By Justin Seward
Alberta’s Minister of Agriculture Devin Dreeshen announced on Jan. 25 that provincial farmers would be seeing a savings in their crop insurance premiums this year.
“I am proud to announce that Alberta farmers will receive a 20 per cent reduction in crop insurance premiums this year,” said Dreeshen.
“This reduction from Alberta’s government and Agriculture Financial Services Corporation (AFSC) will save farmers more than $55 million on their crop insurance premiums in 2021 and increase the competitiveness of Alberta farmers internationally. It will directly support job creators and boost our rural economy at a time when it’s needed most.”
Nichole Neubauer of Neubauer Farms in Cypress County said rates have been steadily on the rise and cuts into their bottom lines.
“So hearing that there would be a 20 per cent drop in crop insurance premiums is huge for producers,” she said.
“A lot of us probably already have our cropping strategies in place and our budget set, planning for what we can normally expect for premiums. So what it really does is it frees up some cash to allocate elsewhere and that’s good for the economy.”
Many farmers that Neubauer know does not go without crop insurance.
“Crop insurance is basically vital,” she said.
“Every farmer that I know of, certainly has to purchase crop insurance. I think the amount is between 72 and 75 per cent of farmers in Alberta purchase crop insurance obviously for various reasons. Mother Nature can interfere with weather conditions that don’t guarantee a crop and because of the cost of all the inputs—whether it’s seed, fertilizer, fuel (and) crop protection—we have to have means in a situation where we have crop failure, we have to have means of covering expenses.”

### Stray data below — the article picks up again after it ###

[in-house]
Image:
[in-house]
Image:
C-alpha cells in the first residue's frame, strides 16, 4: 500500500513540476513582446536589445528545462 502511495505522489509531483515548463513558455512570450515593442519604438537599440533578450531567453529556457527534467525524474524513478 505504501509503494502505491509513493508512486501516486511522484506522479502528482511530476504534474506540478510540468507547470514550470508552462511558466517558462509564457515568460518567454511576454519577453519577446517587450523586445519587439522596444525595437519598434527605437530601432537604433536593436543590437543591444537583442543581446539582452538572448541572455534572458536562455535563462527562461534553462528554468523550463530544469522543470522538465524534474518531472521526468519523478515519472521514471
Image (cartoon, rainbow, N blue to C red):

Neubauer was uncertain has to how much savings Neubauer Farms will see until the business finalizes their cropping plans in June.
Farmers will safe $8,000 this year if they have 2,000 insured acres.
The savings will help in countering the looming 500 per cent increase in federal carbon tax, the misguided Clean Fuel Standard and an impending punitive fertilizer limit regulation, which are all imposed by the federal government.
“I think certainly some of that is concerning—certainly the fertilizer one— I need to do a lot more research about,” said Neubauer.
“ It’s great that they’re collecting that as the off-setting benefit for it—getting ahead of some of those uncontrolled expenses—because farmers are price takers, not price setters. Every time there is a new cost imposed, we’re not like other typical businesses where we can then increase the price of our product when we sell it to offset increased operating cost. All those projected expenses will come right out of a farmer’s pocket.”
Neubauer added, “It’s certainly a step in the right direction.”